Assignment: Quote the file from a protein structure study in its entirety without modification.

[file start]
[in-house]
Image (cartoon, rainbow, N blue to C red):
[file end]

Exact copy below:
[in-house]
Image (cartoon, rainbow, N blue to C red):